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76. Should one see a wise man, who, like a revealer of treasures, points out faults and reproves, let one associate with such a wise person; it will be better, not worse, for him who associates with such a one.

77. Let him advise, instruct, and dissuade one from evil; truly pleasing is he to the good, displeasing is he to the bad.

78. Associate not with evil friends, associate not with mean men; associate with good friends, associate with noble men.

79. He who imbibes the Dhamma abides in happiness with mind pacified; the wise man ever delights in the Dhamma revealed by the Ariyas.

80. Irrigators lead the waters; fletchers bend the shafts; carpenters bend the wood; the wise control themselves.

81. As a solid rock is not shaken by the wind, even so the wise are not ruffled by praise or blame.

82. Just as a lake, deep, clear, and still, even so on hearing the teachings the wise become exceedingly peaceful.

83. The good give up (attachment for) everything; the saintly prattle not with the thoughts of craving: whether affected by happiness or by pain, the wise show neither elation nor depression.

84. Neither for the sake of oneself nor for the sake of another (a wise person does any wrong); he should not desire sons, wealth, or kingdom (by doing wrong); by unjust means he should not desire his own success. Then (only) such a one is indeed virtuous, wise, and righteous.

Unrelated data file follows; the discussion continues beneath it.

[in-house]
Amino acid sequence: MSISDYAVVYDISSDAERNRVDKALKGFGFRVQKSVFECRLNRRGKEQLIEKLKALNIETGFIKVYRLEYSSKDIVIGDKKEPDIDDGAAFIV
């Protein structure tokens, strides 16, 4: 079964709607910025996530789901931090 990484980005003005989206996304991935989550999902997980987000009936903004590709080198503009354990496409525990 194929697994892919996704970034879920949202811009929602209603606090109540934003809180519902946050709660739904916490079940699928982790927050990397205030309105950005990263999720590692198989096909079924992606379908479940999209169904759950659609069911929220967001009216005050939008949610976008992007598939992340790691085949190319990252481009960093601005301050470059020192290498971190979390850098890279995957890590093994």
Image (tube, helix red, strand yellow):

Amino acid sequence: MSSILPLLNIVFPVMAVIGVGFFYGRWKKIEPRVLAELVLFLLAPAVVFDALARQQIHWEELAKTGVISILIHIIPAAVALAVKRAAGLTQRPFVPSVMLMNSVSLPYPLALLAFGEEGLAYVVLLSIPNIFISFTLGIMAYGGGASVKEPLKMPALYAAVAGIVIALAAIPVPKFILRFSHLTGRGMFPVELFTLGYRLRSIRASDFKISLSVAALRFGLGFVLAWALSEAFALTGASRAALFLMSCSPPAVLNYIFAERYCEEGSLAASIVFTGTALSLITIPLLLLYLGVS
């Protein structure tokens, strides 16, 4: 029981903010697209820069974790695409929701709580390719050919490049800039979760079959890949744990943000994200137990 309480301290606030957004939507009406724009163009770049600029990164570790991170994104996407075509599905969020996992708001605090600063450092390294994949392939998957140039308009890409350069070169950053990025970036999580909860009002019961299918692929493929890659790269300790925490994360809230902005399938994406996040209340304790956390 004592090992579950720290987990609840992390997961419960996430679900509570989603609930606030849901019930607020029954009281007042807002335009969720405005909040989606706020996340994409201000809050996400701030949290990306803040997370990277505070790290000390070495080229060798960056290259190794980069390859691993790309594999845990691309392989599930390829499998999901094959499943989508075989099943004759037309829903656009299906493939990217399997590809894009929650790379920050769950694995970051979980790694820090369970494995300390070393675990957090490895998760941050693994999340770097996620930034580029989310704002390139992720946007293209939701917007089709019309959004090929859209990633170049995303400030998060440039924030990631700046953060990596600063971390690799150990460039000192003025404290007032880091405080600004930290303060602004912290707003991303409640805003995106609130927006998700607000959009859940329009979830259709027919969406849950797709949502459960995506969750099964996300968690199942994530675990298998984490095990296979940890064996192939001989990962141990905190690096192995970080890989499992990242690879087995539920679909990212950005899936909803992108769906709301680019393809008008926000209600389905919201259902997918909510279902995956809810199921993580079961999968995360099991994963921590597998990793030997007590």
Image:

85. Few are there amongst men who go to the Further Shore ; the rest of this mankind only run about on the bank.

86. But those who rightly act according to the teaching, which is well expounded, those are they who will reach the Further Shore (crossing) the realm of passions, so hard to cross.

87, 88. Coming from home to the homeless, the wise man should abandon dark states and cultivate the bright. He should seek great delight in detachment (Nibbăna), so hard to enjoy. Giving up sensual pleasures, with no impediments, the wise man should cleanse himself of the impurities of the mind.

89. Whose minds are well perfected in the factors of Enlightenment, - who, without clinging, delight in 'the giving up of grasping' (i.e. Nibbăna), they, the corruption-free, shining ones, have attained Nibbăna even in this world.

Foreword ][ Preface ][ Introduction

The Twin Verses ][ Heedfulness ][ The Mind ][ Flowers ][ Fools ][ The Wise
The Arahat ][ Thousands ][ Evil ][ Punishment or the Rod ][ Old Age ][ The Self
The World ][ The Buddha ][ Happiness ][ Affections ][ Anger ][ Taints ][ The Just and the Righteous
The Way ][ Miscellaneous ][ Hell ][ The Elephant ][ Craving ][ The Bhikkhu or Mendicant Monk ][ The Brahmana

The Dhammapada ( java-script / frames / images )